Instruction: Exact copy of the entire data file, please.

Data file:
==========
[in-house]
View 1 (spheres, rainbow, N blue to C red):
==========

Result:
[in-house]
View 1 (spheres, rainbow, N blue to C red):